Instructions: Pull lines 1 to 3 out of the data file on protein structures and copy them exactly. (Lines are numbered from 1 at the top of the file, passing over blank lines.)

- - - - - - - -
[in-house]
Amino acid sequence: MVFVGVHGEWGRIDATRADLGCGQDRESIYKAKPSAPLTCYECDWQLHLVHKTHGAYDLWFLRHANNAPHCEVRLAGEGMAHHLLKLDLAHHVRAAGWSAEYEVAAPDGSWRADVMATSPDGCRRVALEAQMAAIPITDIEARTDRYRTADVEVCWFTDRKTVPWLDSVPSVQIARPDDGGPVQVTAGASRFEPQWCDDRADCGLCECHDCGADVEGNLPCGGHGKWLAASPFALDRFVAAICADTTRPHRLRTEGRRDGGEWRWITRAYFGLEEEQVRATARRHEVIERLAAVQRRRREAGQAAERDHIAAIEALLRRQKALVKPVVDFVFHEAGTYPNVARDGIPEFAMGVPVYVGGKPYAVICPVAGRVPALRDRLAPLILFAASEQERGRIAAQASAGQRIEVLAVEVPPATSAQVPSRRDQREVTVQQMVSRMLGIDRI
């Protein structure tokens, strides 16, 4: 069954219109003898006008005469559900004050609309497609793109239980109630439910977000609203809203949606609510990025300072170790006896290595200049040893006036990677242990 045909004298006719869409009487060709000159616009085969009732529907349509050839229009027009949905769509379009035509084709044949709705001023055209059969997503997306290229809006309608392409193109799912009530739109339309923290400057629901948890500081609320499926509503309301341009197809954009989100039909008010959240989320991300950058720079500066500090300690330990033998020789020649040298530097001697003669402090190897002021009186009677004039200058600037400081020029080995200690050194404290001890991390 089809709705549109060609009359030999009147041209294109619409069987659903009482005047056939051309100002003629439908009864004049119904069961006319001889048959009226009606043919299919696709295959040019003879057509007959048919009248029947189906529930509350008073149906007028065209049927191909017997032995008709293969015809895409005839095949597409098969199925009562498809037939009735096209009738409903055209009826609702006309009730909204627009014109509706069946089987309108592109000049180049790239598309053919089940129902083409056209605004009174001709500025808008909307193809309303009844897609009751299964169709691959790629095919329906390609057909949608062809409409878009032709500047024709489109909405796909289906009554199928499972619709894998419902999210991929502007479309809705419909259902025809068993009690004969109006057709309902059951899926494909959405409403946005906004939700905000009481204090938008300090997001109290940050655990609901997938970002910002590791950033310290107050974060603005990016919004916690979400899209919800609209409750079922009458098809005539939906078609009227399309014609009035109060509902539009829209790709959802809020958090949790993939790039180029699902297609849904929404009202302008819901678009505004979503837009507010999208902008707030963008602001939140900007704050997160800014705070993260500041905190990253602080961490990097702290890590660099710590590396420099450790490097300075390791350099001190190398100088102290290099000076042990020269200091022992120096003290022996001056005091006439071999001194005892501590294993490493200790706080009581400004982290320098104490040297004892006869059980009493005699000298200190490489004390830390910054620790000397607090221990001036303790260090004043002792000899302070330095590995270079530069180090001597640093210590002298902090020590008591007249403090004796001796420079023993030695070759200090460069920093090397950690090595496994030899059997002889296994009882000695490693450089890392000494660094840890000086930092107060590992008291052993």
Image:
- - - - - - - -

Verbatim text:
[in-house]
Amino acid sequence: MVFVGVHGEWGRIDATRADLGCGQDRESIYKAKPSAPLTCYECDWQLHLVHKTHGAYDLWFLRHANNAPHCEVRLAGEGMAHHLLKLDLAHHVRAAGWSAEYEVAAPDGSWRADVMATSPDGCRRVALEAQMAAIPITDIEARTDRYRTADVEVCWFTDRKTVPWLDSVPSVQIARPDDGGPVQVTAGASRFEPQWCDDRADCGLCECHDCGADVEGNLPCGGHGKWLAASPFALDRFVAAICADTTRPHRLRTEGRRDGGEWRWITRAYFGLEEEQVRATARRHEVIERLAAVQRRRREAGQAAERDHIAAIEALLRRQKALVKPVVDFVFHEAGTYPNVARDGIPEFAMGVPVYVGGKPYAVICPVAGRVPALRDRLAPLILFAASEQERGRIAAQASAGQRIEVLAVEVPPATSAQVPSRRDQREVTVQQMVSRMLGIDRI
């Protein structure tokens, strides 16, 4: 069954219109003898006008005469559900004050609309497609793109239980109630439910977000609203809203949606609510990025300072170790006896290595200049040893006036990677242990 045909004298006719869409009487060709000159616009085969009732529907349509050839229009027009949905769509379009035509084709044949709705001023055209059969997503997306290229809006309608392409193109799912009530739109339309923290400057629901948890500081609320499926509503309301341009197809954009989100039909008010959240989320991300950058720079500066500090300690330990033998020789020649040298530097001697003669402090190897002021009186009677004039200058600037400081020029080995200690050194404290001890991390 089809709705549109060609009359030999009147041209294109619409069987659903009482005047056939051309100002003629439908009864004049119904069961006319001889048959009226009606043919299919696709295959040019003879057509007959048919009248029947189906529930509350008073149906007028065209049927191909017997032995008709293969015809895409005839095949597409098969199925009562498809037939009735096209009738409903055209009826609702006309009730909204627009014109509706069946089987309108592109000049180049790239598309053919089940129902083409056209605004009174001709500025808008909307193809309303009844897609009751299964169709691959790629095919329906390609057909949608062809409409878009032709500047024709489109909405796909289906009554199928499972619709894998419902999210991929502007479309809705419909259902025809068993009690004969109006057709309902059951899926494909959405409403946005906004939700905000009481204090938008300090997001109290940050655990609901997938970002910002590791950033310290107050974060603005990016919004916690979400899209919800609209409750079922009458098809005539939906078609009227399309014609009035109060509902539009829209790709959802809020958090949790993939790039180029699902297609849904929404009202302008819901678009505004979503837009507010999208902008707030963008602001939140900007704050997160800014705070993260500041905190990253602080961490990097702290890590660099710590590396420099450790490097300075390791350099001190190398100088102290290099000076042990020269200091022992120096003290022996001056005091006439071999001194005892501590294993490493200790706080009581400004982290320098104490040297004892006869059980009493005699000298200190490489004390830390910054620790000397607090221990001036303790260090004043002792000899302070330095590995270079530069180090001597640093210590002298902090020590008591007249403090004796001796420079023993030695070759200090460069920093090397950690090595496994030899059997002889296994009882000695490693450089890392000494660094840890000086930092107060590992008291052993």